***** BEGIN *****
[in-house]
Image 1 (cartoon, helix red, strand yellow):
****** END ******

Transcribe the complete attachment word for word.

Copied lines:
[in-house]
Image 1 (cartoon, helix red, strand yellow):